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Tools should not dictate the rules rather serve the goals

25 July 2023

The cargo cult

First, I'd like to start with the general processes since they are very well-known.
Cargo cult is a very interesting phenomenon. Almost everyone know or have heard about it and at the same time a many teams have persistent rituals which have become a part of their daily routine.

- Yesterday I was working on the feature X. Attended some meetings with company Y. Today I will continue working on the feature X.

Does this sound familiar? What value did that information bring to a team?
Imagine there are 5+ other team members who follow the same pattern. Now, that's a great way to waste some time which could be put to a good use. Actually, you're not obligated to make every second of your work efficient, yet, following a bad pattern is worse than doing nothing at all. Staying silent is better than telling lies.

Returning to the topic, let's consider, what is the goal of that what I did shares? Why do we need it in the first place? To reflect on the previous working day or to share the results that impact the team's progress and highlight problems preventing them from reaching the goal?
If you had a very important meeting with the client, and it has no direct output which impacts your team, then from the perspective of a team it just does not matter.
If you were working on a task or a feature and achieved no meaningful progress, then the only reason to share that information comes if you have some blockers which affects your progress.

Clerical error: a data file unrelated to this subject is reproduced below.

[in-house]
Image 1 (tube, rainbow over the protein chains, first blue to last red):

Sometimes tasks consume significant amount of time. That might keep a worker busy for multiple days without a visible progress. People often have an impostor syndrome due to that and tend to fall into planning fallacy. Do your best to avoid it. False promise is the last thing you and your team needs.

Keep your work transparent but not flooded with unnecessary details.
Describing technical complexities of the particular software library is best to be kept among engineering members.

The dead legacy

If I had a dollar for every time someone told me

- We do it this way because we have a codebase which is made that way.

I'd be a mighty rich man. Software development always leads to the tech debt accumulation.
The requirements change from time to time and the software tries to adapt according those changes. It naturally leads to the situation where solutions are designed either under the time pressure or the limitations of the previous solutions.
More often than not this leads to tech debt. Tech debt is basically a drawback which was introduced by implemented solution.
It is often unnoticeable due to abundance of available resources in the modern era. We push the progress through horizontal scaling by adding more resources. This is why we have, say, simplistic mobile applications which may easily consume 1-2GB of RAM.

Unfortunately this leads to indirect consequences which are very hard to follow from many perspectives. Business and management can't understand why some features take months to be implemented while software engineers struggle to provide bug-free solutions.
The more tech debt you have in your project, the more unstable your tower of solution becomes.
Very similar to Jenga. At some point it requires so many precautions that the business can't afford the feature. This often leads to rewriting the solution, as it is easier to design it anew rather than modifying the existing one.

It is very frustrating for a software engineer to spend a whole month just to move some button in the interface. Don't let it come to this.
Although the codebase may contain poor decisions and remain in a bad state, it doesn't mean it has to be treated as such. Otherwise, it will only worsen, and we know that from broken window theory.
Decreasing the number of problems is a part of engineer's responsibilities. If one understands that what he does is not good and justifies it with "it is bad, and we have to accept it, thus we continue the tradition", then it is an investment into that scope of previous poor decisions.

Don't take everything plain: we have to challenge and prove the information we face.

Here is what really helps me to do it.